Despite Hingston's apparent assertion that the rise of feminism among millennial women correlates with the rise of anti-mayo attitudes, according to Statistica, 273.51 million Americans used mayonnaise or mayonnaise-type salad dressing in 2018 and that figure is projected to increase to 276.65 million in 2020. Clearly, mayonnaise is far from dead.
illustrated by Elliot Salazar.
American Cheese

Bloomberg published a story in October that claimed millennials' latest victim was American cheese. In the piece, Bloomberg cited Euromonitor International data that U.S. sales of processed cheese are projected to drop 1.6% this year and that this will be the fourth-straight year of declines for this type of product. The publication then points to millennials as the root of American cheese's demise. Actually, what was written exactly is, "The product, made famous by the greatest generation, devoured by boomers on the go and touted as the basis for macaroni and cheese, the well-documented love object of Gen X, has met its match with millennials demanding nourishment from ingredients that are both recognizable and pronounceable."

While we're not at all tempted to apologize for preferring to ingest recognizable ingredients, the piece doesn't actually provide any evidence that millennials are to blame for American cheese's continual drop in sales, and we don't know about you, but we've rarely ever seen anyone over the age of seven devouring a Kraft Single. Instead, it seems like Americans from all generations have, in recent years, begun to opt for real, unprocessed cheese more often. According to CheeseReporter.com, cheese consumption in the U.S. is actually way up; it reached a record high in 2017, at 37.23 pounds per person. Though we do enjoy the occasional Ro-Tel dip made with plastic-y Velveeta cheese, for the most part, we're happy with made-from-milk cheeses becoming the more popular choice.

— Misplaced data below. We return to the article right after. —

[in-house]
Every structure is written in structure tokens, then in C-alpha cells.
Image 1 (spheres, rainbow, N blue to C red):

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illustrated by Isabel Castillo Guijarro.
Large Turkeys

In the week leading up to Thanksgiving 2018, Bloomberg struck again with a story called "Millennials Are Disrupting Thanksgiving With Their Tiny Turkeys." Why should people of other generations let the fact that we want smaller birds "disrupt" their holidays? It's not like we're no longer celebrating Thanksgiving or giving up turkey altogether. Also, Whole Foods said its most popular size of turkey was on the larger side this year, between 14 and 18 pounds, and Bell and Evans' best seller was the 12 to 14-pound turkey, so bigger birds clearly aren't disappearing.

According to the article, millennials' growing penchant for smaller turkeys is thanks to the fact that we are more aware of industrial farming practices, we're celebrating the holiday in smaller groups, and we're more concerned about food waste. All of these sound like positives to us.
illustrated by Anna Sudit.
Canned Tuna

Just last week, the Wall Street Journal pronounced canned tuna was dying and that it was, of course, all thanks to millennials. According to the piece, "Per capita consumption of canned tuna has dropped 42% in the three decades through 2016, according to the latest data available from the U.S. Department of Agriculture." For this one, sadly, we have to take most of the responsibility since the millennial market research firm Mintel found that 32% of consumers aged 18 to 34 recently bought canned fish or shellfish, compared with 45% of those 55 years old and older.

The reasons canned tuna has lost cachet among millennials are apparently that many of us prefer non-processed foods and some of us also don't even own can openers. The fact remains, however, canned tuna is damn delicious, and we don't want to see it die. Hopefully, with the help of brands creating innovative packaging and working toward using higher quality ingredients, we can ensure canned tuna never takes its final smelly breath.